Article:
• Pain spots or tender points on your head, neck, chest, shoulders, his, or knees that are tender to the touch. 
  • Fatigue
  • Problems sleeping
  • Pain in the jaw
  • Numbness or tingling 
  • Headache

Physical Therapy for Fibromyalgia Patients 

A physical therapist can take several approaches to help patients with this condition. First, they will make an assessment and physical test to get a sense of pain points and general musculoskeletal movement. This helps your PT understand and manage your pain, reduce your fatigue, and improve your function or quality of life. 

Regular and moderate exercise plays an important role in the managing of chronic pain and conditions like fibromyalgia. Losing weight and body fat can be a good way to help with some of the discomforts as well. A physical therapist will design a program to help improve your condition and will use a combination of the following: 

  • Aerobic conditioning 
  • Aquatic exercise 
  • Stretching
  • Manual therapy 

Improving Range of Motion 

Moving more can be a great way to manage chronic pain. Although the activity itself may seem painful to patients at first, the consequences of not moving can be greater. There may be manual therapy techniques that a therapist can use in order to help joints regain motion and strength. 

Other Treatment Options With Physical Therapy 

A PT has several tools and options at their disposal. Using one or all of these in conjunction with an individualized physical therapy plan can yield effective results for those suffering from chronic pain. 

For example: 

  • A physical therapist might use pressure on specific areas of the muscle. They can help you stretch and construct the muscle to build mobility, strength, and flexibility. These techniques release pressure, help with inflammation and thus help reduce pain.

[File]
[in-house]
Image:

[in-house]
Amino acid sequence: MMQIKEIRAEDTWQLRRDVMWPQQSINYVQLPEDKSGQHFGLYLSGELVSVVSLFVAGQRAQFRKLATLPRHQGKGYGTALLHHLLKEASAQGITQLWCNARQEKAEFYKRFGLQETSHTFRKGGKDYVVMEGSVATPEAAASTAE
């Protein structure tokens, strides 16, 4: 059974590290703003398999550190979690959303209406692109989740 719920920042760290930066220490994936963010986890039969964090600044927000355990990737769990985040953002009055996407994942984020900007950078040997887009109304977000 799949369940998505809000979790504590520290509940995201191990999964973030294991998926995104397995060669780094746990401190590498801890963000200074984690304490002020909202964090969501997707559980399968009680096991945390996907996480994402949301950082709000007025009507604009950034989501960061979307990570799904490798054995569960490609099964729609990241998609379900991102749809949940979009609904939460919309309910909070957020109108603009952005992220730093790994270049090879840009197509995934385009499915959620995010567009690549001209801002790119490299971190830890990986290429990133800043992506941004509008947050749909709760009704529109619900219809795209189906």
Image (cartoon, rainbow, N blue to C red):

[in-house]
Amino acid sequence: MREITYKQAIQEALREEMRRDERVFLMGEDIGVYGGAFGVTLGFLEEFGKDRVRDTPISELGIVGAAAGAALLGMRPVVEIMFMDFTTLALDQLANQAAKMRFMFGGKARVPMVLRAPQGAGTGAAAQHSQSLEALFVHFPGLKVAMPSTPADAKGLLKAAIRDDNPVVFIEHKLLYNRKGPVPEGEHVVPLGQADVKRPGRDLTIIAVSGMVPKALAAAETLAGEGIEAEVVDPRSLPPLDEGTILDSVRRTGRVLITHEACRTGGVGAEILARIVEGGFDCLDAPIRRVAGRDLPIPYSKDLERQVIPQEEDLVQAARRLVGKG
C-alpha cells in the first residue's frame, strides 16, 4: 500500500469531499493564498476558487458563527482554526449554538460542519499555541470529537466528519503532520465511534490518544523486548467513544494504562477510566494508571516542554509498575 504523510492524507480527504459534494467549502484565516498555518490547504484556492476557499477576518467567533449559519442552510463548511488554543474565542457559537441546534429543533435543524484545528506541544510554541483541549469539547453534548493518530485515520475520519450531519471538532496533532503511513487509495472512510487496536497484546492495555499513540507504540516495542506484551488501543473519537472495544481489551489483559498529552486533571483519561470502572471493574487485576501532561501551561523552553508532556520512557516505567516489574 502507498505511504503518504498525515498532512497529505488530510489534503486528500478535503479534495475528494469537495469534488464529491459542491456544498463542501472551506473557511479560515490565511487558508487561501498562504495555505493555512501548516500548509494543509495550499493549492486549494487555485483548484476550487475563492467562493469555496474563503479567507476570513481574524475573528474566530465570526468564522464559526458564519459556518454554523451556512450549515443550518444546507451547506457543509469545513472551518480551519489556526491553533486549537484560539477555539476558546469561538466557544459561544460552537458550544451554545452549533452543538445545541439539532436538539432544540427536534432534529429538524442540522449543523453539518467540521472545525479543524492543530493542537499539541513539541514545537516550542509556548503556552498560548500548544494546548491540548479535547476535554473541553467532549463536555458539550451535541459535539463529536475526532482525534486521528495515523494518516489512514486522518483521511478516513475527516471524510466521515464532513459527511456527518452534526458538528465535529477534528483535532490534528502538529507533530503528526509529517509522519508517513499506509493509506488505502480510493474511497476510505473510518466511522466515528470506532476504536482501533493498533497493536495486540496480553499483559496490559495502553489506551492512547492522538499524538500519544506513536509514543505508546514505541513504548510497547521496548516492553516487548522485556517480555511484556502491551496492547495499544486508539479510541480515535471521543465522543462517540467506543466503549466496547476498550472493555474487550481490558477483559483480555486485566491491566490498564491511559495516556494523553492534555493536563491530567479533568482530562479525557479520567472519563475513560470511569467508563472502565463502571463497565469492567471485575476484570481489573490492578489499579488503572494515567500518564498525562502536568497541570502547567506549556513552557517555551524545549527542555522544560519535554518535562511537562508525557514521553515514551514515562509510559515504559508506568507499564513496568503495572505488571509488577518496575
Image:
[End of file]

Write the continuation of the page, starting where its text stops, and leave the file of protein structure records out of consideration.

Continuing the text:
• In some instances, PTs may see that dry needling would be an effective treatment. Dry needling is a method that uses tiny wire-like needles inserted in the trouble spot to help release pressure. It is specifically designed to help with the treatment of movement impairments and pain. It targets trigger points, which are knotted up bands of skeletal muscle within a larger muscle group.
  • Electrical stimulation might also be used to reduce pain. It is effective in stimulating muscles that may feel problematic during movement. Some people report good outcomes when using this method. 

Your physical therapist will also work alongside or in conjunction with other physicians, like your primary care physician or endocrinologist, to help tackle the problem from different directions in a concerted effort. 

Suffering From Chronic Pain Due to Fibromyalgia?

If you suffer from chronic pain, you don’t have to. There are options out there and physical therapists help mitigate pain and return you to an active lifestyle. Call P3 Physical Therapy or ask your doctor about physical therapy to help treat your current condition.

Other Sources: 

Hoppenfeld, J. D. (2014). Fundamentals of Pain Medicine : How to Diagnose and Treat Your Patients. Wolters Kluwer Health.